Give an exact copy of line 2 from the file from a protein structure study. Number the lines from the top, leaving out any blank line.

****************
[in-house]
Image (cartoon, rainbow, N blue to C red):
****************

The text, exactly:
Image (cartoon, rainbow, N blue to C red):